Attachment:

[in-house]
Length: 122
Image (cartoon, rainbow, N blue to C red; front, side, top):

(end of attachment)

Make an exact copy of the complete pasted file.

[in-house]
Length: 122
Image (cartoon, rainbow, N blue to C red; front, side, top):